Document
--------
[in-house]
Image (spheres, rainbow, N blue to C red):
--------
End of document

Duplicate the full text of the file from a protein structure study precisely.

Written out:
[in-house]
Image (spheres, rainbow, N blue to C red):